Health

First-Line Chemo Plus Immunotherapy Falls Short in Bladder Cancer

Adding an immune checkpoint inhibitor to first-line platinum-based chemotherapy was not associated with clear survival benefits in advanced urothelial carcinoma, according to findings from the KEYNOTE-361 trial.

The three-arm, open-label, phase III trial found no significant improvement in progression-free survival (PFS) or overall survival (OS) with pembrolizumab (Keytruda) plus chemotherapy versus chemotherapy alone, reported Thomas Powles, MD, of the Barts Cancer Institute in London, and colleagues.

Median PFS was 8.3 months in the combination therapy group versus 7.1 months in the chemotherapy group (HR 0.78, 95% CI 0.65-0.93), but failed to meet prespecified statistical criteria. OS missed on significance as well, at a median 17.0 months in the combination arm versus 14.3 months in the chemotherapy group (HR 0.86, 95% CI 0.72-1.02, P=0.0407), Powles’ group stated in the Lancet Oncology.

“Platinum-based chemotherapy remains the current first-line standard of care for patients able to receive it, with avelumab [Bavencio] maintenance therapy for those who have a clinical benefit,” wrote Powles and co-authors.

An exploratory analysis of patients for whom pembrolizumab monotherapy is currently approved as a first-line therapy — cisplatin-ineligible patients with a combined positive score (CPS) of at least 10 — showed durable antitumor activity.

“Although overall survival with pembrolizumab was not markedly different to that with chemotherapy in this patient subgroup, pembrolizumab monotherapy could be an attractive treatment option for some patients,” the authors wrote.

Neither PD-L1 nor choice of platinum chemotherapy appeared to be associated with improved benefit from the addition of pembrolizumab to chemotherapy.

In an accompanying editorial, Sumanta Pal, MD, of City of Hope Comprehensive Cancer Center in Duarte, California, and colleagues, said the well-designed KEYNOTE-360 study joins IMvigor130 in an “array of influential frontline trials in advanced urothelial carcinoma.”

They noted that the negative results from these two studies contrast with those of JAVELIN Bladder 100, which showed significantly prolonged PFS and OS with the PD-L1 checkpoint inhibitor avelumab (Bavencio) as a maintenance therapy for patients with stable disease following first-line platinum-based chemotherapy, findings that led to FDA approval in this setting.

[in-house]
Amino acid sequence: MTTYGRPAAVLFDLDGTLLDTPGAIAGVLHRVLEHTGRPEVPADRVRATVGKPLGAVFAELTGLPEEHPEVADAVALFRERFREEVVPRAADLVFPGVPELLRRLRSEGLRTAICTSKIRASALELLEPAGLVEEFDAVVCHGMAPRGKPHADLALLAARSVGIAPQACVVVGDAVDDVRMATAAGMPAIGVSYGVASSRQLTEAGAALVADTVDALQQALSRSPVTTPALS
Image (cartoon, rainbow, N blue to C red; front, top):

“Based on KEYNOTE-361 and the totality of the available data, the use of concurrent chemoimmunotherapy is only experimental, whereas induction platinum-based chemotherapy followed by switch maintenance avelumab remains the standard frontline therapy in advanced urothelial carcinoma,” Pal’s group stated.

KEYNOTE-361 enrolled 1,010 patients from 2016 to 2018 at 201 centers across 21 countries, and randomized them to either pembrolizumab plus chemotherapy (n=351), chemotherapy alone (n=352), or pembrolizumab monotherapy (n=307). Median age across the three arms was about 69 years and approximately 75% were men. Median follow-up was 31.7 months.

Eligible patients had locally advanced, unresectable, or metastatic urothelial carcinoma of the renal pelvis, ureter, bladder, or urethra, and no previous systemic treatment for advanced disease. Urothelial carcinoma was required to be the predominant histology (≥50%).

Treatment protocols were:

  • Combination therapy: IV pembrolizumab 200 mg every 3 weeks for a maximum of 35 cycles plus IV chemotherapy (gemcitabine plus investigator’s choice of cisplatin or carboplatin) for a maximum of six cycles
  • Chemotherapy alone, stratified by choice of platinum therapy and PD-L1 CPS
  • Pembrolizumab alone

In terms of safety, no new or unexpected signals emerged with pembrolizumab plus platinum-based chemotherapy, and the treatment had a similar safety profile to that of chemotherapy alone.

The most common grade 3/4 treatment-related adverse events (AEs) were anemia with combination therapy (30%) or chemotherapy alone (33%), as well as diarrhea, fatigue, and hyponatremia (1% each) with pembrolizumab alone. Six patients died owing to a treatment-related AE (two in each arm).

Limitations of the study included a prespecified sequential statistical analysis strategy, wherein formal statistical testing could not be done for the pembrolizumab monotherapy versus chemotherapy treatment groups. Also, data on mixed responses were not collected.

Last Updated June 02, 2021

  • Diana Swift is a freelance medical journalist based in Toronto.

Disclosures

The study was funded by Merck Sharp & Dohme (MSD).

Powles disclosed relevant relationships with MSD, AstraZeneca, Roche, Bristol Myers Squibb (BMS), Seattle Genetics, Ipsen, Novartis, Pfizer, Exelixis, Incyte, and Roche. Co-authors disclosed multiple relevant relationships with industry.

Pal disclosed relevant relationships with Genentech, Aveo, Eisai, Roche, Pfizer, Novartis, Exelixis, Ipsen, BMS, Astellas Pharma, GlaxoSmithKline, Medivation, Nektar Therapeutics, and QED. Another editorialist disclosed relevant relationships with industry.

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